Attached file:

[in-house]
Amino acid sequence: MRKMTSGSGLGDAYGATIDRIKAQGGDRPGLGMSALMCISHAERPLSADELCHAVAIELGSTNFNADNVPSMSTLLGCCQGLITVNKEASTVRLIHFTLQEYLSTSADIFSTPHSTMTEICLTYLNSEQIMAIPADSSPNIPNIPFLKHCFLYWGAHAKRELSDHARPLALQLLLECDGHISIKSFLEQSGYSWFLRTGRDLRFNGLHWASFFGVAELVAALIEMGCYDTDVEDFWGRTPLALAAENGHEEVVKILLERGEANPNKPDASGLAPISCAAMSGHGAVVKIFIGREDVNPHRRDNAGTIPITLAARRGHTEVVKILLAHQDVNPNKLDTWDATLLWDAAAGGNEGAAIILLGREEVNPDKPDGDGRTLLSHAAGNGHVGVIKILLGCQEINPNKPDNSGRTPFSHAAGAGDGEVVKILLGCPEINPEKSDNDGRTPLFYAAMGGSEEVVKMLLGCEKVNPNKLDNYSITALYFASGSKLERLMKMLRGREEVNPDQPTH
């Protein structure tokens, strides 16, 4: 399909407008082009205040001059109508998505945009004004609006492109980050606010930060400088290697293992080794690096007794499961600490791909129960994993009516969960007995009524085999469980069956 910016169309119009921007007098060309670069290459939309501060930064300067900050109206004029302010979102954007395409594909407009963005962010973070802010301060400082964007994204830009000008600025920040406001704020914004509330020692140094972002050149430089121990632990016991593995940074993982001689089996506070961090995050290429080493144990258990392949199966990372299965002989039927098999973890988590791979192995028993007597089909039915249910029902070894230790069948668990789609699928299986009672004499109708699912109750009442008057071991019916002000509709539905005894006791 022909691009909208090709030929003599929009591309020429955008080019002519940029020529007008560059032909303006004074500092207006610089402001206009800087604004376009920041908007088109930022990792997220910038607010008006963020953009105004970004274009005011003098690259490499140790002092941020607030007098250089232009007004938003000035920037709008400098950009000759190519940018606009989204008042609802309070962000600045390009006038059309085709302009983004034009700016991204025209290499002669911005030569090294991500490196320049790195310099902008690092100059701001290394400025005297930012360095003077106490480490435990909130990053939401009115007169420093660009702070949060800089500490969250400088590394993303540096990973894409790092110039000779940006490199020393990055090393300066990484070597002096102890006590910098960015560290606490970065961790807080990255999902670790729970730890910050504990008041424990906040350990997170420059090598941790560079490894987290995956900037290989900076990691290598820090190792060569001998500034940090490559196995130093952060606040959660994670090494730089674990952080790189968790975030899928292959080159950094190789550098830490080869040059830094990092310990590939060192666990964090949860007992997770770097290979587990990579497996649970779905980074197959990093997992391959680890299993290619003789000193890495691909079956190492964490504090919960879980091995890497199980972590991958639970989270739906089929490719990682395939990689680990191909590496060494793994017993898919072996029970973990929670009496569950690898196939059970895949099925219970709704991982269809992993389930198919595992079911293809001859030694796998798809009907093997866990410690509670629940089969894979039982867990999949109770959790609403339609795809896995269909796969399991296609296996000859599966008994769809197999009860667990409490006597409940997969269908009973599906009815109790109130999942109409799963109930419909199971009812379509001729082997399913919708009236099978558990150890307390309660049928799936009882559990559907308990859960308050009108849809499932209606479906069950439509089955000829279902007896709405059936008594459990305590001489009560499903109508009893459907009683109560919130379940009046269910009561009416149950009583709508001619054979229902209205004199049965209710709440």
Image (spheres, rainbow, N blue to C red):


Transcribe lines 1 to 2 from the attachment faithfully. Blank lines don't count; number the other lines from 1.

[in-house]
Amino acid sequence: MRKMTSGSGLGDAYGATIDRIKAQGGDRPGLGMSALMCISHAERPLSADELCHAVAIELGSTNFNADNVPSMSTLLGCCQGLITVNKEASTVRLIHFTLQEYLSTSADIFSTPHSTMTEICLTYLNSEQIMAIPADSSPNIPNIPFLKHCFLYWGAHAKRELSDHARPLALQLLLECDGHISIKSFLEQSGYSWFLRTGRDLRFNGLHWASFFGVAELVAALIEMGCYDTDVEDFWGRTPLALAAENGHEEVVKILLERGEANPNKPDASGLAPISCAAMSGHGAVVKIFIGREDVNPHRRDNAGTIPITLAARRGHTEVVKILLAHQDVNPNKLDTWDATLLWDAAAGGNEGAAIILLGREEVNPDKPDGDGRTLLSHAAGNGHVGVIKILLGCQEINPNKPDNSGRTPFSHAAGAGDGEVVKILLGCPEINPEKSDNDGRTPLFYAAMGGSEEVVKMLLGCEKVNPNKLDNYSITALYFASGSKLERLMKMLRGREEVNPDQPTH